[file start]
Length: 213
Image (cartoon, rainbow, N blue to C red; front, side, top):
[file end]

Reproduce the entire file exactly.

Length: 213
Image (cartoon, rainbow, N blue to C red; front, side, top):